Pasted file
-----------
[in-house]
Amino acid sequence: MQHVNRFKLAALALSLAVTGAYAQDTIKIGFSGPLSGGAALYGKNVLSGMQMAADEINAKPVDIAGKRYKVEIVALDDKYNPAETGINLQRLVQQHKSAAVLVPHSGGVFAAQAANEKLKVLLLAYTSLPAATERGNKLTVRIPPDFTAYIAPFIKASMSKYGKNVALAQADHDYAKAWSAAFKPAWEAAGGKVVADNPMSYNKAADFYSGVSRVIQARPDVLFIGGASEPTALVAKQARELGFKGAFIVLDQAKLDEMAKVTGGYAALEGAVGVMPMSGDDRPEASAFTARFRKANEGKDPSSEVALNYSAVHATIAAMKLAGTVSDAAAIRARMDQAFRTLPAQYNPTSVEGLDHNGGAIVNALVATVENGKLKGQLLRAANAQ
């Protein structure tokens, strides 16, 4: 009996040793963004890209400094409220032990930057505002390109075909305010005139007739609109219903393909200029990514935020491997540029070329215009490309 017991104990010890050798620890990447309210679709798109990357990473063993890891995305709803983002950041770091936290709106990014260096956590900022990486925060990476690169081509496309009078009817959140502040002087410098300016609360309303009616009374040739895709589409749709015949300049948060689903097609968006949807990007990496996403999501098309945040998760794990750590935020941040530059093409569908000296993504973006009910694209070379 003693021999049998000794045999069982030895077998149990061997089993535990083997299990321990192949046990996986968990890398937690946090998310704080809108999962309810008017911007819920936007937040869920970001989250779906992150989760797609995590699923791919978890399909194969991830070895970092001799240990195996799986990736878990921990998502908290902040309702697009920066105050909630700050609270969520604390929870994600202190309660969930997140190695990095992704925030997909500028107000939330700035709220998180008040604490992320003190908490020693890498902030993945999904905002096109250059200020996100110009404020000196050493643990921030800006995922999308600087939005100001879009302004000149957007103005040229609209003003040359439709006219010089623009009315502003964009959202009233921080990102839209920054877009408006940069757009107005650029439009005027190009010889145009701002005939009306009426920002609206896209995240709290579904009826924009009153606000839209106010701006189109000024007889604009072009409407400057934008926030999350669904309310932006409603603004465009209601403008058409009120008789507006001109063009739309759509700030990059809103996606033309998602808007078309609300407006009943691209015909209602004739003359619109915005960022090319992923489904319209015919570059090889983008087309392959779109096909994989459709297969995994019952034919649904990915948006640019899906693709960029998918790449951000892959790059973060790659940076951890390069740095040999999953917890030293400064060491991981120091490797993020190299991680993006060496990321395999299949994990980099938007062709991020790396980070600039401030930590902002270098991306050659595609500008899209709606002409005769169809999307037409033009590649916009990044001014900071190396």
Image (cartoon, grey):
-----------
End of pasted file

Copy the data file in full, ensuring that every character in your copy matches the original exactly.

[in-house]
Amino acid sequence: MQHVNRFKLAALALSLAVTGAYAQDTIKIGFSGPLSGGAALYGKNVLSGMQMAADEINAKPVDIAGKRYKVEIVALDDKYNPAETGINLQRLVQQHKSAAVLVPHSGGVFAAQAANEKLKVLLLAYTSLPAATERGNKLTVRIPPDFTAYIAPFIKASMSKYGKNVALAQADHDYAKAWSAAFKPAWEAAGGKVVADNPMSYNKAADFYSGVSRVIQARPDVLFIGGASEPTALVAKQARELGFKGAFIVLDQAKLDEMAKVTGGYAALEGAVGVMPMSGDDRPEASAFTARFRKANEGKDPSSEVALNYSAVHATIAAMKLAGTVSDAAAIRARMDQAFRTLPAQYNPTSVEGLDHNGGAIVNALVATVENGKLKGQLLRAANAQ
């Protein structure tokens, strides 16, 4: 009996040793963004890209400094409220032990930057505002390109075909305010005139007739609109219903393909200029990514935020491997540029070329215009490309 017991104990010890050798620890990447309210679709798109990357990473063993890891995305709803983002950041770091936290709106990014260096956590900022990486925060990476690169081509496309009078009817959140502040002087410098300016609360309303009616009374040739895709589409749709015949300049948060689903097609968006949807990007990496996403999501098309945040998760794990750590935020941040530059093409569908000296993504973006009910694209070379 003693021999049998000794045999069982030895077998149990061997089993535990083997299990321990192949046990996986968990890398937690946090998310704080809108999962309810008017911007819920936007937040869920970001989250779906992150989760797609995590699923791919978890399909194969991830070895970092001799240990195996799986990736878990921990998502908290902040309702697009920066105050909630700050609270969520604390929870994600202190309660969930997140190695990095992704925030997909500028107000939330700035709220998180008040604490992320003190908490020693890498902030993945999904905002096109250059200020996100110009404020000196050493643990921030800006995922999308600087939005100001879009302004000149957007103005040229609209003003040359439709006219010089623009009315502003964009959202009233921080990102839209920054877009408006940069757009107005650029439009005027190009010889145009701002005939009306009426920002609206896209995240709290579904009826924009009153606000839209106010701006189109000024007889604009072009409407400057934008926030999350669904309310932006409603603004465009209601403008058409009120008789507006001109063009739309759509700030990059809103996606033309998602808007078309609300407006009943691209015909209602004739003359619109915005960022090319992923489904319209015919570059090889983008087309392959779109096909994989459709297969995994019952034919649904990915948006640019899906693709960029998918790449951000892959790059973060790659940076951890390069740095040999999953917890030293400064060491991981120091490797993020190299991680993006060496990321395999299949994990980099938007062709991020790396980070600039401030930590902002270098991306050659595609500008899209709606002409005769169809999307037409033009590649916009990044001014900071190396």
Image (cartoon, grey):